The stock market got another positive bump on Thursday, with investors getting into the holiday mood a little bit early. The Dow Jones Industrial Average (^DJI 0.57%) closed higher by 197 points to 35,950. The S&P 500 (^GSPC 0.93%) closed just shy of a record high, climbing 29 points to 4,726, while the Nasdaq Composite (^IXIC 1.10%) picked up 131 points to 15,653.
The end of the year often brings some volatile moves for individual stocks, and it's consistently the ones that have gotten a lot of attention or made big moves during the year that end up seeing the largest swings. Electric-vehicle company Nikola (NKLA 0.34%) hit the gas in a big way on Thursday, but popular footwear-manufacturer Crocs (CROX -0.01%) took a pretty big hit. Below, you'll find more on what's happening with both companies.
Shares of Nikola were up almost 18% Thursday. The electric-truck company made an announcement that gave investors optimism about the prospects for a rapid future ramp-up.
Nikola said late Wednesday that it had made its first customer delivery. The milestone was a landmark event for the company, which had seen considerable controversy amid skepticism about whether Nikola would ever be able to get to this point.
Moreover, Nikola's announcement promised that there'd be more deliveries to come. That's something that shareholders have obviously been counting on seeing.
It's important to put today's rise in the proper context, though. The move was enough to push the stock price above the level at which it had traded back when it was a special purpose acquisition company that hadn't yet identified Nikola as its eventual target to bring public.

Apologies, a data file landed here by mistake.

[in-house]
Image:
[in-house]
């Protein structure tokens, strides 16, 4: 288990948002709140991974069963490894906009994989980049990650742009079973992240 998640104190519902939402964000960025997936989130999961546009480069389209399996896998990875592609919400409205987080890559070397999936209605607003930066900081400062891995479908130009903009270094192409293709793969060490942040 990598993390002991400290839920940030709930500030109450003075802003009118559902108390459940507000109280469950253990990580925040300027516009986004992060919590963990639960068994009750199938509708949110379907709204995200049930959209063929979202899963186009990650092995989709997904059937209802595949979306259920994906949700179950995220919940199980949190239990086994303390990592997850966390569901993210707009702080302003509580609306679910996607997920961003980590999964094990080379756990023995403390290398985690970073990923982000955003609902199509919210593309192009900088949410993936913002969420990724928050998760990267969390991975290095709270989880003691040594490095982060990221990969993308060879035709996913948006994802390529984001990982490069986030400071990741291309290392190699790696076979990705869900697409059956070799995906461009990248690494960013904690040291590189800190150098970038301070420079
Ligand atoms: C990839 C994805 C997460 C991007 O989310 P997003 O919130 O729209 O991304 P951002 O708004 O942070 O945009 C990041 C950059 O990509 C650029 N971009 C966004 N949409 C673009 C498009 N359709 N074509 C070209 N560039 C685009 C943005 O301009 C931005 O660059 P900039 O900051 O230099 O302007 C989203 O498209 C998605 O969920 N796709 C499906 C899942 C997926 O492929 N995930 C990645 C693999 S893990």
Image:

However, at just $11 per share, Nikola is still more than 80% below its record levels set back in early 2020. It could take a lot more deliveries to get investors fully convinced that the truck manufacturer has really completed its comeback.
A bad buyout idea?
By contrast, shares of Crocs fell almost 12%. Investors reacted negatively to the latest strategic move from the casual-footwear company.
Crocs announced early Thursday that it had agreed to buy the privately owned footwear-company Heydude for $2.5 billion. The deal will send $2.05 billion in cash to Heydude's shareholders, with $450 million in Crocs shares going to Heydude founder/CEO Alessandro Rosano.
Crocs had good things to say about the deal. The company sees the acquisition as adding immediately to revenue growth and earnings, and it expects to see considerable free cash flow result from the combination. Crocs hopes to reduce leverage on its balance sheet as that cash comes in.
Yet investors seemed unhappy about the deal, perhaps because Crocs will have to add to its debt in order to come up with the $2.05 billion in cash to pay for Heydude. Some also suggested that the price paid was simply too high, with some dilution also coming from the stock portion of the buyout price.
The pullback in the stock gave back only a portion of the huge gains Crocs shareholders have enjoyed in 2021. Still, investors have been quite comfortable with the shoemaker's strategy already, so some might wonder if Crocs is doing too much rather than staying with what's already working.